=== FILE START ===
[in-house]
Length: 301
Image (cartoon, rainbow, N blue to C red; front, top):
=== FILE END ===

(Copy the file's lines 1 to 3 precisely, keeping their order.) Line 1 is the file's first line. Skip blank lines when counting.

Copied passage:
[in-house]
Length: 301
Image (cartoon, rainbow, N blue to C red; front, top):